Concordance in Discriminating Recordings of Different Lung Sounds Between Physiotherapists.

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  • Additional Information
    • Affiliation:
      Clínica Indisa, Santiago, Chile
      Peter Swuan Hospitalización Domiciliaria, Chile
      Universidad Andres Bello, Escuela de Kinesiologia, Facultad de Ciencias de la Rehabilitación, Santiago, Chile
      Departamento de Salud Pública y Epidemiología, Universidad de los Andes, Santiago, Chile
      Escuela de Kinesiologia, Facultad de Medicina, Universidad San Sebastian, Santiago, Chile
      División de Pediatría, Unidad de Enfermedades Respiratorias Pediátricas, Facultad de Medicina, Pontificia Universidad Católica de Chile, Santiago, Chile
    • Subject Terms:
    • Subject Terms:
    • Abstract:
      BACKGROUND: Auscultation is a fundamental part of the physical examination, but its utility has been questioned due to the low inter-rater concordance. We therefore sought to evaluate the concordance of the discrimination of lung sound recordings between experienced physiotherapists. METHODS: Lung sound recordings were selected and validated by an expert panel when Fleiss K concordance was > 0.75. Eleven recordings were played for subject recognition using a portable computer in their workplace. Results were analyzed using Fleiss K when looking for concordance between physiotherapists. Univariate regression was performed to determine if there was an association with clinical training, years of experience, academic accomplishment, or university affiliation. RESULTS: Sixty-nine physiotherapists with a median of 4 years of working experience (interquartile range 2-6 y) completed the study. There was moderate concordance (K = 0.562; 95% CI 0.462-0.605) for overall lung sound recording discrimination. For continuous and noncontinuous lung sound recordings, discrimination concordance was substantial (K = 0.63 and K = 0.76, respectively). A bivariate analysis revealed that years of experience presented an inverse association with stridor recognition. CONCLUSION: Concordance between physiotherapists in discriminating recorded lung sounds was moderate. The ability to recognize stridor was inversely associated with years of work experience.
    • Journal Subset:
      Allied Health; Blind Peer Reviewed; Double Blind Peer Reviewed; Editorial Board Reviewed; Expert Peer Reviewed; Peer Reviewed; USA
    • ISSN:
      0020-1324
    • MEDLINE Info:
      NLM UID: 7510357
    • Publication Date:
      20200213
    • Publication Date:
      20200224
    • DOI:
      10.4187/respcare.06624
    • Accession Number:
      141657286
  • Citations
    • ABNT:
      MUÑOZ BARRAZA, J. A. et al. Concordance in Discriminating Recordings of Different Lung Sounds Between Physiotherapists. Respiratory Care, [s. l.], v. 65, n. 2, p. 177–182, 2020. DOI 10.4187/respcare.06624. Disponível em: http://search.ebscohost.com/login.aspx?direct=true&site=eds-live&db=rzh&AN=141657286. Acesso em: 24 out. 2020.
    • AMA:
      Muñoz Barraza JA, Saavedra Benardis CN, Adasme Jeria RS, Arellano Sepúlveda DH, Sánchez Díaz I, Bertrand Navarrete PJ. Concordance in Discriminating Recordings of Different Lung Sounds Between Physiotherapists. Respiratory Care. 2020;65(2):177-182. doi:10.4187/respcare.06624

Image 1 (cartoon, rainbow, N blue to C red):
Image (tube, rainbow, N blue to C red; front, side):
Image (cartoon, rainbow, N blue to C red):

• APA:
      Muñoz Barraza, J. A., Saavedra Benardis, C. N., Adasme Jeria, R. S., Arellano Sepúlveda, D. H., Sánchez Díaz, I., & Bertrand Navarrete, P. J. (2020). Concordance in Discriminating Recordings of Different Lung Sounds Between Physiotherapists. Respiratory Care, 65(2), 177–182. https://doi.org/10.4187/respcare.06624
    • Chicago/Turabian: Author-Date:
      Muñoz Barraza, Jaime Andrés, Camilo Nicolas Saavedra Benardis, Rodrigo Sebastián Adasme Jeria, Daniel Humberto Arellano Sepúlveda, Igancio Sánchez Díaz, and Pablo José Bertrand Navarrete. 2020. “Concordance in Discriminating Recordings of Different Lung Sounds Between Physiotherapists.” Respiratory Care 65 (2): 177–82. doi:10.4187/respcare.06624.
    • Harvard:
      Muñoz Barraza, J. A. et al. (2020) ‘Concordance in Discriminating Recordings of Different Lung Sounds Between Physiotherapists’, Respiratory Care, 65(2), pp. 177–182. doi: 10.4187/respcare.06624.
    • Harvard: Australian:
      Muñoz Barraza, JA, Saavedra Benardis, CN, Adasme Jeria, RS, Arellano Sepúlveda, DH, Sánchez Díaz, I & Bertrand Navarrete, PJ 2020, ‘Concordance in Discriminating Recordings of Different Lung Sounds Between Physiotherapists’, Respiratory Care, vol. 65, no. 2, pp. 177–182, viewed 24 October 2020, .
    • MLA:
      Muñoz Barraza, Jaime Andrés, et al. “Concordance in Discriminating Recordings of Different Lung Sounds Between Physiotherapists.” Respiratory Care, vol. 65, no. 2, Feb. 2020, pp. 177–182. EBSCOhost, doi:10.4187/respcare.06624.
    • Chicago/Turabian: Humanities:
      Muñoz Barraza, Jaime Andrés, Camilo Nicolas Saavedra Benardis, Rodrigo Sebastián Adasme Jeria, Daniel Humberto Arellano Sepúlveda, Igancio Sánchez Díaz, and Pablo José Bertrand Navarrete. “Concordance in Discriminating Recordings of Different Lung Sounds Between Physiotherapists.” Respiratory Care 65, no. 2 (February 2020): 177–82. doi:10.4187/respcare.06624.
    • Vancouver/ICMJE:
      Muñoz Barraza JA, Saavedra Benardis CN, Adasme Jeria RS, Arellano Sepúlveda DH, Sánchez Díaz I, Bertrand Navarrete PJ. Concordance in Discriminating Recordings of Different Lung Sounds Between Physiotherapists. Respiratory Care [Internet]. 2020 Feb [cited 2020 Oct 24];65(2):177–82. Available from: http://search.ebscohost.com/login.aspx?direct=true&site=eds-live&db=rzh&AN=141657286